Georgia death row inmate Troy Davis and his family. The State Supreme Court upheld his conviction on Wednesday, March 19, 2008. The 11th Circuit Court of Appeals denied his motion for a new trial in April 2009., a photo by Pan-African News Wire File Photos on Flickr.
We are all Troy Davis
by Jen Marlowe
Against the Death PenaltyLast Monday, I attended the funeral service of Virginia Davis in Savannah, Ga. Rev. Dr. Warnock delivered a passionate eulogy for Virginia, which ended with a powerful call to action: The best way to honor Virginia’s life, he said, is to fight for her son Troy’s life.
I am writing to ask you to help fight for Troy’s life.
Troy Davis is on death row for the 1989 murder of police officer Mark MacPhail in Savannah, Ga. Troy has always maintained his innocence, and there was never any physical evidence linking him to the crime.
Seven out of the nine non-police witnesses have since recanted or changed their testimony. New witnesses have come forth identifying another suspect.
Yet, on March 28, the U.S. Supreme Court denied Troy’s final appeal, clearing the way for Georgia to set the execution date. Troy’s sister, Martina, said her mother “died of a broken heart. I don’t think my mother could have taken another execution date.”
That execution date could be set any day now.
Troy’s life will then be in the hands of Georgia’s Board of Pardon and Paroles, who have the power to grant Troy clemency.
What you can do:
1. Sign the Amnesty USA petition asking the Georgia Board of Pardons and Parole to grant Troy clemency, and forward it to others.
2. Collect signatures on a download-able version of the petition.
3. If you are a lawyer or a legal professional, add your name to the legal professional sign-on letter .
4. If you are a member of the clergy, add your name to the clergy sign-on letter.
5. If you have contacts with legal professionals or members of the clergy, forward them the sign-on letters and urge them to sign.
6. If you have contacts in Georgia, urge them to sign the petition or sign-on letters, if they are legal professionals or members of the clergy. It is important that the board know that this issue matters to folks around the country and around the world – but especially that it matters to folks in Georgia.
7. One million tweets for Troy! If you are Twitter user, then please consider tweeting for Troy.
Some sample tweets include:
•When in doubt, don’t execute!! Sign the petition for TroyDavis! www.tinyurl.com/troyepetition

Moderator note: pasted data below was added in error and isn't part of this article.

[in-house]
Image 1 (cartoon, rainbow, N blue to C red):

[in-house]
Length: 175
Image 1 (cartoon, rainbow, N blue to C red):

•Too much doubt! Stop the execution!
•No room for doubt! Stop the execution of TroyDavis . Retweet, sign petition www.tinyurl.com/troyepetition
•Case not “ironclad”, yet Georgia could execute TroyDavis ! Not on our watch!
•No murder weapon. No physical evidence. Stop the execution! TroyDavis petition: www.tinyurl.com/troyepetition.
7 out of 9 eyewitnesses recanted. No physical evidence. Stop the execution of TroyDavis www.tinyurl.com/troyepetition.
Troy’s case is deeply personal to me. Troy is a friend of mine. I have corresponded with Troy for the last four years, visited him twice in prison and written about his case. I have gotten to know and become close to his incredible family and witnessed first-hand their struggle to bring justice to Troy.
But even if Troy were not my friend, even if I did not know the Davis family – Troy’s case should still be deeply personal to me, deeply personal to all of us.
As Laura Moye, the Amnesty USA death penalty abolition coordinator, and I were gathering petition signatures in Savannah last week among union-member day laborers, a young man called out emotionally, “Troy could be your brother, your son! This could be any of us!”
Put another way, as the T-shirt in support of Troy states, “I am Troy Davis.”
I hope you will take the time to learn more about Troy’s case. Thank you in advance for doing all you can to prevent Troy’s execution. As the young man in the union hall reminded me, Troy is all of us.
Jen Marlowe is an award-winning documentary filmmaker, author, playwright, human rights advocate and founder of donkeysaddle projects. Her new book, “The Hour of Sunlight: One Palestinian’s Journey from Prisoner to Peacemaker,” co-written with and about Palestinian peace activist Sami Al Jundi, has just been published by Nation Books. Her previous book was “Darfur Diaries: Stories of Survival.” Her email address is firstname.lastname@example.org.